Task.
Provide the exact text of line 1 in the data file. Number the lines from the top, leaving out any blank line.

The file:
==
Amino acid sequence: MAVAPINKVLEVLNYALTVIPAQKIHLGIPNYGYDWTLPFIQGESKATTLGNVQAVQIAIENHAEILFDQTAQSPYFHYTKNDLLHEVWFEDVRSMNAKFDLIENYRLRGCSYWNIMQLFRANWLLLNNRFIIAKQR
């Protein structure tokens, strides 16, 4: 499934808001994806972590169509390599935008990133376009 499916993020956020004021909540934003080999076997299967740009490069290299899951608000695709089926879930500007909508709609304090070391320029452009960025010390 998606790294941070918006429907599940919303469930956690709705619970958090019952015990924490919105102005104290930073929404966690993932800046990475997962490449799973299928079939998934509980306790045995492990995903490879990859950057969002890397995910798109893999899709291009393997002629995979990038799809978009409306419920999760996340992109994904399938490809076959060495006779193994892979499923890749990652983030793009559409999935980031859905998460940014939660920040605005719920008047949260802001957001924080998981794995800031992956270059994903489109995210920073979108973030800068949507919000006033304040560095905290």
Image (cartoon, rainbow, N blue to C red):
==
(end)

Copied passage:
Amino acid sequence: MAVAPINKVLEVLNYALTVIPAQKIHLGIPNYGYDWTLPFIQGESKATTLGNVQAVQIAIENHAEILFDQTAQSPYFHYTKNDLLHEVWFEDVRSMNAKFDLIENYRLRGCSYWNIMQLFRANWLLLNNRFIIAKQR